Terror case doctor fights deportation from UK to Jordan
December 17, 2008
So will Britain ever be able to expel terror case doctor?
Mohammed Asha has been acquitted of all charges - but will now be deported
Last updated at 11:46 PM on 17th December 2008
A Jordanian doctor cleared of the London and Glasgow car bomb plots launched a fight against deportation yesterday.
Despite being told that he is not welcome in the UK and is a risk to national security, neurologist Mohammed Asha said he wanted to be allowed to resume his medical career in Britain.
Home Office investigators admit they face a potentially protracted, difficult and expensive battle to deport the 28-year-old to Jordan, where his wife and young son live.
Despite a Memorandum of Understanding signed between London and Amman three years ago paving the way for deportations between the two countries, Britain has so far been frustrated in its efforts to deport anyone to Jordan.
Dr Asha, who says he is penniless and will be funded by legal aid, will argue that a jury at Woolwich Crown Court cleared him of any involvement in the June 2007 bomb plots and he could face persecution if he is forced to return to Jordan.
It is understood lawyers for the Home Office will seek to use evidence not given at the terror trial - believed to be from electronic surveillance - in a bid to convince an immigration judge that Dr Asha must be deported.
Details of Dr Asha's case came as British-born Iraqi doctor Bilal Adbulla was jailed for at least 32 years for plotting to murder hundreds of people in terrorist car bomb
Attack: The jeep on fire at Glasgow Airport
Mr Justice Mackay told Abdulla, who wanted to murder innocent civilians in revenge for the war in Iraq: 'All of the evidence makes you a very dangerous man.'
Dr Asha admits knowing Abdulla and Indian engineering student Kafeel Ahmed, 28, who died from burns sustained during the failed attack on Glasgow Airport, but claims they betrayed him.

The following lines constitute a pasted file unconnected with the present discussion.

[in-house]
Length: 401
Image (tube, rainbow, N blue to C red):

The court heard that Dr Asha had given money to both Abdulla and Ahmed, and extremist material was found on Dr Asha's laptop.
Tools of the trade: A table scattered with objects in the house used to construct the bombs
On Tuesday, after Abdulla was convicted of conspiracy to cause explosions and conspiracy to murder, and Dr Asha was cleared, the two men embraced in the dock.
Dr Asha remained in Belmarsh prison in South London yesterday as his solicitor Tayab Ali read a statement from his client, accusing the Government of 'sour grapes' over his acquittal.
He said: 'Finally, justice has been done - a jury has cleared me of any involvement in these allegations. The jury had no doubts whatsoever that I am an innocent man.
'Even though I was acquitted, justice has not been done. I am still in HMP Belmarsh.'
The Mercedes car in The Haymarket in central London which is cordoned off as police officers investigate a viable explosive device
Dr Asha told his trial he moved to England in 2005 after falling in love with the country during a two-month clinical attachment at Addenbrooke's Hospital in Cambridge two years earlier, and at the time of his arrest had worked for the University Hospital of North Staffordshire in Stoke-on-Trent.
Mr Ali said Dr Asha was in Britain on a 'highly skilled' working visa which expired before his trial and he had applied for an extension.
Shortly before the end of the court case, the doctor was served with a deportation notice on the grounds that the visa had expired. After he was cleared, it was pointed out that he had already asked for an extension. Another deportation notice was then served on the grounds of national security, citing that his presence in the UK was not in the public interest.
Mr Ali said it was based on the fact that Dr Asha had associated with Abdulla.
'This is ridiculous,' he said, 'Dr Asha has already made it clear he knew nothing of what Dr Abdulla was doing. If they wanted to deport Dr Asha on a matter of national security then that would have been served on him in the first place, instead of saying he had just overrun his visa.'
He said Dr Asha wanted 'to continue-his life exactly the way it was before all of this happened. He wants his wife and son to come back to the UK too.'
Yesterday the trial judge, Mr Justice Mackay, criticised how detectives from Scotland Yard's Counter Terrorism Command handled Dr Asha.
He said so-called safety interviews at Paddington Green police station were 'unsatisfactory' and custody paperwork was unreliable.
The judge said any incriminating evidence supplied by Dr Asha during the key interviews would have been ruled out.
'I respectfully suggest Counter Terrorism Command reviews the training of and advice to officers in this area of work,' he said. http://www.dailymail.co.uk/news/article-1095591/So-Britain-able-expel-terror-case-doctor.html